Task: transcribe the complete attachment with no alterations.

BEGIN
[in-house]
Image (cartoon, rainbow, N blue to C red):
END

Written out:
[in-house]
Image (cartoon, rainbow, N blue to C red):